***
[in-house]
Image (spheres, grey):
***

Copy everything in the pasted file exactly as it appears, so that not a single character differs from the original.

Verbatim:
[in-house]
Image (spheres, grey):